Step 1: Analyze the Requirements
This step will detail the process of determining expectations and then converting those into a real network or explaining why everyone cant have video conferencing on the desktop.
Granted, the needs of users are always changing, and sometimes they do not even know what they need. There I said it! However, it is true; they know what they want and when they want it, which is always now or yesterday. Nevertheless, from a network design prospective, they do not always know what they need or why they need it.
Nevertheless, you, as the network engineer involved in the design of the network, must still objectively listen and determine user needs. In the end, they are going to be the customers of network, and the customer is always right. You must also take into consideration what the future might hold for them. Therefore, you should ask the users what needs they see themselves having in the future. This question should be directed toward their jobs because it is your responsibility to take their response and turn that into the requirements of the network.
A corporate vision is always important. For example, do the long-range corporate plans include having a Web site? If so, what will it be doing? How about running voice over the network? What about video conferencing; is that going to be a corporate need?
Additional data you might want to consider gathering is the current organization structure, locations, and flow of information within the organization and any internal or external resources available to you. Armed with this information, your networks need analysis, you should then begin determining the cost and benefit analysis. Of course in many cases you will not be able to get all the equipment or bandwidth you think is necessary. Therefore, it is also advisable to create a risk assessment detailing the potential problems or areas of concern regarding the network design.
As you go through the process of determining the network requirements, keep in mind some important questions regarding the requirements of OSPF. The answers to these questions will help you further define the requirements of your OSPF network.
Load Balancing with OSPF
As you go through the process of determining the network requirements, keep in mind the load balancing feature of OSPF. In the Cisco implementation of OSPF, any router can support up to four equal-cost routes to a destination. When a failure to the destination is recognized, OSPF immediately switches to the remaining paths.
OSPF will automatically perform load balancing allow equal-cost paths. The cost associated is determined (default) by the interface bandwidth statement unless otherwise configured to maximize multiple path routing.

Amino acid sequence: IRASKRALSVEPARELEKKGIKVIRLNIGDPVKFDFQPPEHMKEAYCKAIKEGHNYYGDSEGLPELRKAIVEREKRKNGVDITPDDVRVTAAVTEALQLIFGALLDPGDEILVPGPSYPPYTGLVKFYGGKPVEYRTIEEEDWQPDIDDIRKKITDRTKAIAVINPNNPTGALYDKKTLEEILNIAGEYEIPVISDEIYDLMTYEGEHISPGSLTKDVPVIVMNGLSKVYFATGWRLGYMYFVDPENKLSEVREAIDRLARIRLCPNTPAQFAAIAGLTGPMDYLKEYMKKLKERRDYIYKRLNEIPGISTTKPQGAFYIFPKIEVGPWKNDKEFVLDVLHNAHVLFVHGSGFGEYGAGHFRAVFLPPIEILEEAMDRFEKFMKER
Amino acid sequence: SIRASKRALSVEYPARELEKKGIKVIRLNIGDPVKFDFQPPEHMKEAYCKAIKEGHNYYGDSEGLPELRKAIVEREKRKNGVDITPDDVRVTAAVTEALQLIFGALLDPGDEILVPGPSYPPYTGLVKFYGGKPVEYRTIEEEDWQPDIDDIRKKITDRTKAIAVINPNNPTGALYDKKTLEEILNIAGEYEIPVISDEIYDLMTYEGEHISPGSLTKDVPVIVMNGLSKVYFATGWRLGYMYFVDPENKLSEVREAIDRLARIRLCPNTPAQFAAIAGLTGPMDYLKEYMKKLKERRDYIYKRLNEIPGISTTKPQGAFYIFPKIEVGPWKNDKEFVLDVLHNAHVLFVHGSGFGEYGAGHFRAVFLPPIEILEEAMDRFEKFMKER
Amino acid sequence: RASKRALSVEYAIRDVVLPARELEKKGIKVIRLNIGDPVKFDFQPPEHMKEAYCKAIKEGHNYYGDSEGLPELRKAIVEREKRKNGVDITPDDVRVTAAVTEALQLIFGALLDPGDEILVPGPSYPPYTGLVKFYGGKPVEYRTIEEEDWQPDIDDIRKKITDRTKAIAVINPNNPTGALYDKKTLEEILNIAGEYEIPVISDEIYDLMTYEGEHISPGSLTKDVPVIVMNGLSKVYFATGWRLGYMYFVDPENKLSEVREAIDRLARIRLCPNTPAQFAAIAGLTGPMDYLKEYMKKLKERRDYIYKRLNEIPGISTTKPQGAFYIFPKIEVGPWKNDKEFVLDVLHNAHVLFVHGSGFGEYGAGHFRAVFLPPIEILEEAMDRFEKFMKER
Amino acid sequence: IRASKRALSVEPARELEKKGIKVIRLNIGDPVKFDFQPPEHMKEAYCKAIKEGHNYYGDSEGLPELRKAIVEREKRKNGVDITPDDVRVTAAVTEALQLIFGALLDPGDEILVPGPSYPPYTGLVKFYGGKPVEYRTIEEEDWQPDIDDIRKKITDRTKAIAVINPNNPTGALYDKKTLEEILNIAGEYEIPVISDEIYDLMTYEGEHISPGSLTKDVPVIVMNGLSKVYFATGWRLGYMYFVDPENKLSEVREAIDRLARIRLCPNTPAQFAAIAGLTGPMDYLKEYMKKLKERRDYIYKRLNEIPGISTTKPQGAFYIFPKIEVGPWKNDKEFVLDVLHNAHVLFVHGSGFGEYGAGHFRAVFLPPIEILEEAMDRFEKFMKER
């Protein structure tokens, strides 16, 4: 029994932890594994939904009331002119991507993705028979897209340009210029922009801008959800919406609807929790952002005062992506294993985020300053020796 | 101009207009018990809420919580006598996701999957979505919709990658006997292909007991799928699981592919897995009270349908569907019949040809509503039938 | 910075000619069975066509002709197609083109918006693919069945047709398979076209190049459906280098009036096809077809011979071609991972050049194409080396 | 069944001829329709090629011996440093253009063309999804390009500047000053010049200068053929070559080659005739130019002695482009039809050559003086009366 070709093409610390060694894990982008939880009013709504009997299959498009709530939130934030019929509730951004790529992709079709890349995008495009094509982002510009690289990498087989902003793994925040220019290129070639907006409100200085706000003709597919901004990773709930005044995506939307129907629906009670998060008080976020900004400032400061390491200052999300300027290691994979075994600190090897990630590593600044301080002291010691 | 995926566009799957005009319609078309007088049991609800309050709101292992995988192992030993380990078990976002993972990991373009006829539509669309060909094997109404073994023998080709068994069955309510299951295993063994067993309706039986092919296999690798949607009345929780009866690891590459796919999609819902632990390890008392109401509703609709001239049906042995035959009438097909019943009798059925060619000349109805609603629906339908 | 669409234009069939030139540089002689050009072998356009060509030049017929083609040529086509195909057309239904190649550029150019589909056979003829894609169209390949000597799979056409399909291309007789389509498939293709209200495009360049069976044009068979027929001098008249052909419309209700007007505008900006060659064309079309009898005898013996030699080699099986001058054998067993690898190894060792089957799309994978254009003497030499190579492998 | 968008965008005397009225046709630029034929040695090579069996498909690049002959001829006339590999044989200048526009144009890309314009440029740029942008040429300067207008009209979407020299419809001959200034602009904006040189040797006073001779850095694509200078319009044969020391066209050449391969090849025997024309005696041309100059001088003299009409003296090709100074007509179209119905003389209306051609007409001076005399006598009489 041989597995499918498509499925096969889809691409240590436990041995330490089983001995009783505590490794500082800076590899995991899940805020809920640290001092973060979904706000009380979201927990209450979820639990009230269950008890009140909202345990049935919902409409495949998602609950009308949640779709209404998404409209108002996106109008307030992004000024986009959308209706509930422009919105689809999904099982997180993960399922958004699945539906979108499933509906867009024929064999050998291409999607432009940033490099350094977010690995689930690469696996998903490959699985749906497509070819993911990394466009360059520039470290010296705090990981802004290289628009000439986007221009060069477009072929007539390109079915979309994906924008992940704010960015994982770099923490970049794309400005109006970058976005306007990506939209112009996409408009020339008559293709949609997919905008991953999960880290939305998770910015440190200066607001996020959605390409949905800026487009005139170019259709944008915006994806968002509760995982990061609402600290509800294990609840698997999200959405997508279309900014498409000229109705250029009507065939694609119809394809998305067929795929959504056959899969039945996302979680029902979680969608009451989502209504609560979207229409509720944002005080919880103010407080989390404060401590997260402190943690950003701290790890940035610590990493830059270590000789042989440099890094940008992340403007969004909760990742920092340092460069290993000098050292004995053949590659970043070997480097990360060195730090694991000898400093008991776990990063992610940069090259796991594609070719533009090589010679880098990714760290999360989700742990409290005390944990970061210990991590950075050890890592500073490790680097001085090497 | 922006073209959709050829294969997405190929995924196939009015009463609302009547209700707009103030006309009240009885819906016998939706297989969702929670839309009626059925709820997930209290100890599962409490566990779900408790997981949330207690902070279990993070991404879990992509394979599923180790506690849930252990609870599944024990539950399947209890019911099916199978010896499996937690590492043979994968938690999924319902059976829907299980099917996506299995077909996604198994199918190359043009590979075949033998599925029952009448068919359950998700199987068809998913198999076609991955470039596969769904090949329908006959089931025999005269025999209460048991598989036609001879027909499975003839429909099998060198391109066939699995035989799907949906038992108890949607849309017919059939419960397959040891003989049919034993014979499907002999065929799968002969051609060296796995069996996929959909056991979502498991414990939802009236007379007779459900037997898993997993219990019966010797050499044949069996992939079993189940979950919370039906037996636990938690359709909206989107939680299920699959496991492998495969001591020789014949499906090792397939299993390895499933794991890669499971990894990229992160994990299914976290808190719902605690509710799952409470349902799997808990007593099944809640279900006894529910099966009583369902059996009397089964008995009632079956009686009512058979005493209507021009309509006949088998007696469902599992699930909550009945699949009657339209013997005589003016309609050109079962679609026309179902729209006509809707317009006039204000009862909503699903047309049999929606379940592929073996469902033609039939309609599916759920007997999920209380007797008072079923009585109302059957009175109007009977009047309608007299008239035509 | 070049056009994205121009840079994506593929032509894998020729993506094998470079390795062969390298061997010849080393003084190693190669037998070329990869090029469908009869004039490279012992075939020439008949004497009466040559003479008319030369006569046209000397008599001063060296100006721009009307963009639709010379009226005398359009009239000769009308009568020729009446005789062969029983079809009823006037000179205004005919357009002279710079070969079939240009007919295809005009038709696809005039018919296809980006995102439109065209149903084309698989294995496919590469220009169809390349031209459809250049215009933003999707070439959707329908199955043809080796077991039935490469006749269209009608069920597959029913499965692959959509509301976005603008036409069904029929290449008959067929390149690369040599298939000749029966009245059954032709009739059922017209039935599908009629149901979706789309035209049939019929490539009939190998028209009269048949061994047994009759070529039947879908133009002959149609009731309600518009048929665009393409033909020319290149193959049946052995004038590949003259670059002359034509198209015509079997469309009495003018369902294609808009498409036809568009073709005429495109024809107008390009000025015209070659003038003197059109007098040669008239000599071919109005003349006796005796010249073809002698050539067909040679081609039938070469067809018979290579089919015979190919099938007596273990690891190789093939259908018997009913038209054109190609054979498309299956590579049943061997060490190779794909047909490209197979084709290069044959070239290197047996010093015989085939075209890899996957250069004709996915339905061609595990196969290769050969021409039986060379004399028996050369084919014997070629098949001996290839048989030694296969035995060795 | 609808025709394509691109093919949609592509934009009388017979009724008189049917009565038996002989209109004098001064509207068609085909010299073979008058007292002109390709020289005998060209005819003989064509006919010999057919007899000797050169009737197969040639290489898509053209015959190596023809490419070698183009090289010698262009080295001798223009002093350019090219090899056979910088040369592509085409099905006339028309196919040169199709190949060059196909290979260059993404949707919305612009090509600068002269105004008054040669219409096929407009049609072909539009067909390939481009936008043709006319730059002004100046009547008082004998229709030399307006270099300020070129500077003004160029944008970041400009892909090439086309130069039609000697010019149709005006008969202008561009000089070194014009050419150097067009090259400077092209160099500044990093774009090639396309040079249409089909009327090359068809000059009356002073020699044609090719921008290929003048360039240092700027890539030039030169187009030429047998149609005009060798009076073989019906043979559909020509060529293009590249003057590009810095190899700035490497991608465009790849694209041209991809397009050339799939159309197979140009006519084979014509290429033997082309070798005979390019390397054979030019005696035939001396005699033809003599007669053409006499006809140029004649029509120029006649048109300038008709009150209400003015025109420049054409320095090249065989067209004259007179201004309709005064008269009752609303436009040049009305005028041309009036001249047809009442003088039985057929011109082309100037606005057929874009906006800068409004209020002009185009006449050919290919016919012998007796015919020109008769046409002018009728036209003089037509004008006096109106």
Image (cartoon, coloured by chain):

Before Ciscos IOS release 10.3, the default cost was calculated by dividing 1,000,000,000 by the default bandwidth of the interface. However, with IOS releases after 10.3, the cost is calculated by dividing 1,000,000,000 by the configured bandwidth of the interface as illustrated in Figure 7-3.
OSPF convergence is extremely fast when compared to other protocols; this was one of the main features included within its initial design. To keep this desirable feature fully functional in your network, you need to consider the three components that determine how long it takes for OSPF to converge:
Thus, the average time for OSPF to propagate LSAs and rerun the SPF algorithm is approximately 1 second. Then the SPF delay timer of five seconds must elapse. Therefor OSPF convergence can be a anything from 6 to 46 seconds, depending upon the type of failure, SPF timer settings, size of the network, and size of the LSA database. The worst case scenario is when a link fails but the destination is still reachable via an alternate route, because the 40 second default dead timer will need to expire before the SPF is rerun.
Step 2: Develop the Network Topology
This step will cover the process of determining the networks physical layout. There are generally only two common design topologies: meshed or hierarchical. The following sections take a look at each to see which is the most efficient design for todays networks.
In a meshed structure, the topology is flat and all routers perform essentially the same function, so there is no clear definition of where specific functions are performed. Network expansion tends to proceed in a haphazard, arbitrary manner. This type of topology is not acceptable to the operation of OSPF. It will not correctly support the use of areas or designated routers.